Guitar God – the great Muddy Waters

The great Muddy Waters

Rock music has always drawn inspiration from a multitude of genres, but the mother of rock has to be the blues. Counted among its most lasting influences would have to be the legendary Muddy Waters.

McKinley Morganfield was born in rural Mississippi on April 4, 1915. His grandmother began calling him Muddy when he was a toddler, and the nickname stuck. He was about 13 when he began playing the harmonica, and he took up the guitar a few years later.

Waters was one of many musicians discovered by John and Alan Lomax, who first recorded him in 1941 as part of a project with the Library of Congress to record American folk music. They had travelled to the Delta looking for Robert Johnson, only to find that he had died several years earlier. Unwilling to write the trip off as a total loss, they sought out other blues musicians, and were referred to Waters.

By 1943, Waters had had enough of the sharecropping life and he headed to Chicago, where he had family, and factory jobs were plentiful. His real interest, though, was in music. He was an early adopter of a new technology – the electric guitar – and his reputation grew. He associated with some of the biggest names in Chicago blues, including Memphis Slim, Sunnyland Slim, and Sonny Boy Williamson, and he began to attract attention to record producers. But despite his growing legend, his career continued to struggle until 1947, when Aristocrat Records released what became his first hit, “Can’t Be Satisfied.”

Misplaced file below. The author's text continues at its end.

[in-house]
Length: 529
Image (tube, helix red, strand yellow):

Aristocrat Records became Chess Records in 1950, and continued to release Waters’ songs. In 1951, Waters put together what may have been his ultimate band: Jimmy Rogers on guitar, Little Walter on harmonica, Elgin Evans on drums, and Otis Spann on piano. This line-up not only defined the blues, they created the template for later rock and roll, creating licks and styles still in use today. Ironically, if it had been left up to Chess, the group might never have been allowed to record – the label was having great success with smaller combos, and producers were reluctant to tamper with a good thing.

Waters had 14 songs on the national charts between 1951 and 1956, but the birth of rock hit hard at the popularity of the blues. Waters continued to record and tour, experimenting with different sounds, but he experienced his comeback in 1976 with a return to his Chicago Blues sound on the Grammy winning album Hard Again. He found himself performing with the likes of Eric Clapton and the Rolling Stones (who had taken their name from his 1950 song).

Waters recorded three more albums before his death on April 30, 1984. Two of these also won Grammys. He was posthumously inducted into the Rock and Roll Hall of Fame in 1987, and given the Record Academy’s Lifetime Achievement Award in 1992.

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